Ever have days where you feel like the motivation to be productive is as hard to find as Waldo?  Your couch, your dog, your cup of coffee, and your favorite book seem to have a magnetic draw that lures you in?  What is that spell? And what breaks it?

If you are someone who has ever felt the pull of your refrigerator; where what you put in your mouth almost feels like you are in a trance, then you know what it is to be an over-eater.  If you are someone who feels themselves go into ‘stand by’ mode; seemingly unable to be decisive, or to prioritize any tasks, you are likely someone who knows overwhelm.  Combined together – well, I believe this is how Netflix makes their millions!  Seriously, though, we all recognize these places within ourselves, and they can often feel like a dense fog that leaves us longing to feel like ourselves again.

It’s hard to say that the causes that bring us into this fugue state are the same for each person, but I would wager to say that it has a great deal to do with stress.  Now, each of us have a different stress barometer, and we each process said stress differently.  I’m confident that stress can come from over-doing, as well as under-doing.  Working insane hours, crushing deadlines, nailing the details – over-doing.  Avoiding returning client calls, pushing deadlines to the last minutes, lackadaisical around the edges – under-doing.  And, when we come up for air, or are snapped into reality, we can feel like we are missing our life, from both over or under-doing.  This can add to the stress of the stress we were already holding within us that had us making the over and under choices to begin with.

Are you asking yourself how under-doing is stressful?  I want you to think about someone who has been down on their luck, or has suffered a major set-back.  Perhaps the set-back was in their career, their health, their relationship – but their moving forward also involved disconnecting from their surroundings slightly so that the stress of the first set-back wasn’t stirred too strongly by a second.  Inevitably, life offers us moments of reflection, and in those moments of reflection, those choosing the low-road may catch a glimpse of what they are choosing to give-up in order to simply maintain – and I promise you, that it is indeed stressful.

If we’re being honest, we can’t say: “I’m never going to be stressed again.  I’m never going to zone out.  I’m never going to not make the best use of my time.”  It’s simply unrealistic.  But, what we can say is that when these times come, we are not going to let them simply soul-suck us like a dementor; we are at the very least going to start an investigation into what we are feeling.  We are going to name those feelings, and look to discover what has stirred them.  I’m not suggesting in that moment we are going to heal all that ails our soul, but simply that we are going to keep one pinky-toe in the bright, shiny reality we work so hard to build, so that we don’t lose ourselves in the abyss.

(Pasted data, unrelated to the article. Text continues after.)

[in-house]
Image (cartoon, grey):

I remember during my health coaching program, a student was discussing how they were a binge eater, and they went on to share the details of the level of consumption they asked of their body.  The instructor asked:  What lets you know to stop binging?  Mmm, it’s kind of brilliant right, because it’s the belief in us that kicks in and brings us back down to planet us – the one where we are consciously aware of our body, our situation, and our fullness.  Bingers know – it’s not the fullness that stops you, it’s something in your mind that tells you that you can stop.  What is that?  What is that thing in you that tells you that you can let up from your current stressor and take a breath? Or allows you to fall asleep at the end of a ‘failed to respect my goals’ kind of day?

I’m not suggesting I actually know the answer; in fact, I think the answer is likely different for all of us.  What I do believe though, that is universal, is that that answer only comes when we allow ourselves to be present.  It’s when we step out of our victimization, our overwhelm, our submersion into our exaggerated story, and we breathe in the now.  We glimpse what’s real – and we consciously follow our personal solution to get us back on our path.

Knowing what helps keep you present, or bring you present, I believe is the solution to help us snap out of these obstructive detours that we take.

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